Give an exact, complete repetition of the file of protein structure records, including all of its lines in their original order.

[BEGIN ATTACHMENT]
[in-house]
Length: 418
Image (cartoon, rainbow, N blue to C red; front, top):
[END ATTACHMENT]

[in-house]
Length: 418
Image (cartoon, rainbow, N blue to C red; front, top):